Kevin Nolan’s enforced absence will benefit West Ham
Mauro Zarate scored a cracking opening goal against rudderless Crystal Palace, setting West Ham on course for a convincing 3-1 victory. The Argentine played in the hole behind Carlton Cole, and linked up excellently with his team mates, always willing to collect the ball and turn. He looked threatening throughout and the effortless flow from midfield to attack, helped by the outstanding Kouyate, was the smooth tonic that the Hammers fans had been craving. One presumes that Kevin Nolan’s shoulder injury, which is now reportedly going to keep the West Ham skipper out for 6 weeks, allowed for Zarate to start in this position. Nolan has made a career scavenging on the scraps in tight areas; he has a knack for poaching grubby goals, particularly when playing in tandem with a big, strong striker. But therein lies the majority of Nolan’s worth, and when he isn’t scoring for whatever reason, he offers precious little else. He is not a particularly gifted playmaker, he cannot dribble around defenders, and he does not contribute much defensively. It wouldn’t be a stretch to think that most West Ham fans will be glad his injury will likely give Zarate an extended run in his place.
Stewart Downing’s beautiful goal, the Hammers’ second, was a handsome run where, after cutting inside from the right, he expertly guided the ball into the far bottom corner. Commentators everywhere remarked how Downing has always been capable of such fine moments, yet has seldom delivered them. Zarate was already attracting the attentions of the defence, drawing defenders away from the ball and creating space in the middle. This may have allowed Downing the room to cut inside, and probably gave him the time to size up his shot. Maybe the reason why Downing hasn’t scored many like that in the claret and blue is because he’s been playing with Kevin Nolan.
United’s defence at sixes and sevens, and no, those aren’t the ages of their centre backs
Manchester United finished their laboured 1-1 draw with Sunderland with Tyler Blackett (age 20), Michael Keane (21) and Phil Jones (22) as their central defensive trio. Keane had come on in place of the injured Chris Smalling, who himself hadn’t looked particularly comfortable playing in van Gaal’s novel 3-4-1-2 system. To put their inexperience in perspective, the combined ages of United’s three centre halves was less than that of Sunderland’s two, John O’Shea and Wes Brown. Even with Marcos Rojo’s arrival held up by work permit delays, this is a position that a club of United’s stature should never have allowed themselves to be placed in. After knowing for months that they would lose Rio Ferdinand and Nemanja Vidic, as well as being fully aware of the relative deficiencies of Smalling and Jones, for them to have dithered for so long in securing reinforcements can only be seen as reckless. With Ashley Young utterly ineffective going forward as wing back, and then utterly inept when defending, van Gaal’s back line was never comfortable against a team that only narrowly avoided relegation last season. Sunderland went away feeling like they should have won the match, and the other teams watching will be salivating at the prospect of facing United, unless new signings, and a lot of them, are bought and bedded in quickly.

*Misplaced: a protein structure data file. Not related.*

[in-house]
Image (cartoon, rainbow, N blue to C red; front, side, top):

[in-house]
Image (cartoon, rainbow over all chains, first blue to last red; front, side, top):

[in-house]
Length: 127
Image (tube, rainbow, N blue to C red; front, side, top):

Lamela shaping up for a blinder
Eric Lamela had a torrid time last season, bullied by the Premier League defences, crestfallen and devoid of confidence. How much difference a year can make. The Argentine was a Tottenham’s most eye catching player against Queens Park Rangers, and that was with Nacer Chadli scoring twice. He was a constant thorn in Rio Ferdinand’s side, slipping around the Rangers’ defenders at will, shimmying and swerving and generally looking a completely different player than last year’s version. Having had trouble settling in England, a process that was probably not helped by Tim Sherwood’s tenure, the arrival of countryman Mauricio Pochettino might be the comforting arm-around-the-shoulder that Lamela needs. His assist for Chadli’s second goal, Spurs’ third, was sublime, a tippy-toed run around two defenders and a perfectly weighted cross, clipped back across his body. Though he didn’t get on the score sheet himself, the fans will be ecstatic about his performance, even though his real test will be against teams better than QPR. He is their record signing, the player most Tottenham fans were desperately hoping wouldn’t flop. He is shaping up to be one of their biggest assets this season and will be celebrating a goal or two soon enough, if he can stop Eric Dier from hogging all the goals, that is.